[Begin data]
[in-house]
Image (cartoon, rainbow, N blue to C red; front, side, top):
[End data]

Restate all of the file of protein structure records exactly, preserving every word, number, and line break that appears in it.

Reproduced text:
[in-house]
Image (cartoon, rainbow, N blue to C red; front, side, top):